I started posting my drawings on Instagram in 2016, as a way to stack them somewhere. Plus, it forced me to keep doing it and not lose my creative freedom. Starting in 2016 I did not buy any new material for two years, so I had to use the free notebooks I got from meetings and steal pencils from where I could. That's why a lot of my notebooks are not made of the best paper. That forced me to use something to cover the side behind the drawing because the ink always bled through the paper. I used photos, memories, or collages to cover the left side of the book. Of course, the right side is for my phrases or my drawings.

Do your sketches tell a story?

Like I say in my Instagram bio, some sketches make sense, and others do not. There is almost no connection between photos and drawings, but sometimes the photo on the left is very strong and invites me to do so. The idea is to keep drawing whatever comes to my head. It’s part of a big project I’m doing. My goal is to reach 10,000 posts. That translates to about five years of drawing.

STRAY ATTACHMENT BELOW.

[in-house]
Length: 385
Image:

"It is a great memory for my son and daughters– they will have loads of things to read directly from the mind and soul of their dad."

The first drawing on the left is about how greed is killing us, but we are still promoting it. The second one is a random thought about my bad experience in Paris, and the third one is a drawing of a bad client who believes in Superman.

How many sketchbooks have you filled?

Probably around 80, but there are a lot of I don’t share. So for my Instagram feed, I guess around 50? Because all of the notebooks are stolen or gifted to me, they never have the same number of pages or are the same sizes– I focus more on the number of pages rather than the number of books.

How do you know that you have an idea that you want to sketch out?

When something sticks with me. A phrase, a word, a look, a pose, a light, a shape, whatever hits me goes into the book sooner or later.

Your Instagram bio says, “Stack of ideas to be developed someday–” what do you want to develop?